Donald Macleod explores the life and music of Hector Berlioz. Today, the July Revolution may be thundering around him, but he has a cantata to finish!
Donald Macleod explores the life and music of Hector Berlioz. Today, the July Revolution may be thundering about him, but he has a cantata to finish!
The Prix de Rome – usually qualified by the adjective ‘coveted’ – was established in 1663, to encourage talented ‘fine’ artists: painters and sculptors. The Prize was a competitive bursary, paid for by the crown, that included an extended period of residential study in the Holy City. In 1720, the award was extended to architects, but it was not until 1803, more than a decade after the first French Revolution, that composers were eligible to enter; the first victor was Albert Androt, no longer a household name. By 1827, the year of Berlioz’s first attempt to win it, the Prix de Rome was recognised as the principal route to recognition for a French composer – usually followed by a glittering career at the Paris Opéra. It took Berlioz four attempts to snag the vaunted gong, with his setting of The Death of Sardanapalus, the set-text for that year’s competition cantata. Presumably to avoid any chance of collusion, the contestants were locked away in the Institut de France for a maximum of 25 days – Berlioz completed his setting in a mere 12, perhaps because he was impatient to join the revolutionary fray that was erupting outside the building. As he recalled in his Memoirs, “I dashed off the final pages of my orchestral score to the sound of stray bullets coming over the roofs and pattering on the wall outside my window”. It was in the same year, 1830, that Berlioz unleashed his Symphonie fantastique on the world, and, less successfully, fell for the musically gifted Camille Moke. They were engaged to be married on Berlioz’s return from Rome, but Cupid – in the form of Camille’s mother, whom Berlioz dubbed “the hippopotamus” – had other plans, and instead, Mademoiselle Moke tied the knot with another Camille: Pleyel, the celebrated piano manufacturer. Berlioz may later have derived some bitter satisfaction from the fact that their marriage lasted a mere four years – due, it was said, to his former inamorata’s “multiple infidelities”.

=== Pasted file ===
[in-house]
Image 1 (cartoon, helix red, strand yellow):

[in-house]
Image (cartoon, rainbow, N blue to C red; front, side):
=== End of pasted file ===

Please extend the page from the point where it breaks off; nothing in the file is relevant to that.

Claude Joseph Rouget de Lisle, arr Berlioz
Placido Domingo, tenor
Choeur et orchestre de Paris
Daniel Barenboim, conductor
La mort de Sardanapale (conclusion)
Daniel Galvez Vallejo, tenor
Pas-de-Calais North Regional Choir
Orchestre National de Lille
Jean-Claude Casadesus, conductor
Ouverture pour la Tempête de Shakespeare
San Francisco Symphony
San Francisco Symphony Chorus
Michael Tilson Thomas, conductor
Symphonie fantastique, Op 14 (3rd movement, Scène aux champs)
André Cluytens, conductor
Grand symphonie funèbre et triomphale, Op 15 (3rd movement, Apothéose)
The Wallace Collection
Leeds Festival Chorus
John Wallace, conductor
Produced by Chris Barstow for BBC Wales